It’s been over a decade since we first began publishing our Annual Green Supplement. Back then, my father, Michael Barnes, was still High-Profile’s publisher. I have always been proud of this supplement, where we feature the companies that are providing solutions to the biggest, and most important, challenges we face as humans.
Seventeen months ago, I became the official owner of High-Profile. When I decided to buy the company from my dad, I knew I wanted to continue growing the Green Supplement, in addition to sharing in every issue the project teams that are making a positive impact on our world by prioritizing green and sustainable building practices. This year’s supplement reflects the attitude that is consistent all across our industry and throughout New England: Every project, no matter how big or small, should contribute in a positive way to the surrounding community, and should be executed with thoughtful consideration for the environment and for future generations.
The last year and a half have not been easy. We’ve all been given a chance to, at times, slow down and look at the world around us with care and reflection. Out of this time have come innovative and groundbreaking projects that are redefining the transformative impact our built environment can have on our health and wellness, and in combating climate change. In the face of adversity, professionals from every corner of our industry have doubled down on the effort to reverse the damage we, as humans, have inflicted on our planet, and developed ways to protect our coastlines, utilize more sustainable building materials, and educate and motivate others to do the same.
A piece from Weston & Sampson on page 10 talks about how a community in Charleston, S.C. is using a “managed retreat” approach when dealing with stormwater flooding. The idea is to revert “developed land back into pervious areas that can infiltrate water while also increasing basin storage capacity.” The authors point out that “here in New England, many communities are also taking a similar proactive approach by planning for the impacts of climate change ahead of time.”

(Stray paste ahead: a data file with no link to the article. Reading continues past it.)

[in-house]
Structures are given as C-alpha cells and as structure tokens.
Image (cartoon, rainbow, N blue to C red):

An article by architect John Moore on page 13 highlights The Preservation of Affordable Housing (POAH), a company that is committed to developing sustainably and responsibly. Read how its recent installation of solar hot water systems on five different properties in Massachusetts will reduce the portfolio’s total gas usage by over 14,500 therms per year. That’s a lot of therms!
I am a member of the Urban Land Institute’s Boston/New England chapter. I recently joined the Resilience Committee to meet other like-minded folks. When I joined, I knew I wouldn’t be able to bring solutions to the table in the same way an engineer or scientist would. Instead, I offer my platform. As HP’s publisher, I commit to continue publishing the stories highlighting the teams, organizations, and leaders that, through action, are making our cities and communities stronger and more resilient.